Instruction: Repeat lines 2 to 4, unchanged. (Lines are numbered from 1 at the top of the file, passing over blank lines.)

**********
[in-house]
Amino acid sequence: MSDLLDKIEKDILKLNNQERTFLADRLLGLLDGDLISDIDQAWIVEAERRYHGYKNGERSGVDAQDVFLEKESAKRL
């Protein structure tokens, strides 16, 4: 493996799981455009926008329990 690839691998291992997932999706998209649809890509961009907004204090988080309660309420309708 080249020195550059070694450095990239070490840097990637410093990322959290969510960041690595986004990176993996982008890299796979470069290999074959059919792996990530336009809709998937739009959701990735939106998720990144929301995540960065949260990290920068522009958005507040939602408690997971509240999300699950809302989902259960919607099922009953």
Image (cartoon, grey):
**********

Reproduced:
Amino acid sequence: MSDLLDKIEKDILKLNNQERTFLADRLLGLLDGDLISDIDQAWIVEAERRYHGYKNGERSGVDAQDVFLEKESAKRL
């Protein structure tokens, strides 16, 4: 493996799981455009926008329990 690839691998291992997932999706998209649809890509961009907004204090988080309660309420309708 080249020195550059070694450095990239070490840097990637410093990322959290969510960041690595986004990176993996982008890299796979470069290999074959059919792996990530336009809709998937739009959701990735939106998720990144929301995540960065949260990290920068522009958005507040939602408690997971509240999300699950809302989902259960919607099922009953």
Image (cartoon, grey):